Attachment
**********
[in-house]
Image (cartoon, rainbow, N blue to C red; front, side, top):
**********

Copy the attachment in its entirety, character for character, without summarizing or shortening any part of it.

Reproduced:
[in-house]
Image (cartoon, rainbow, N blue to C red; front, side, top):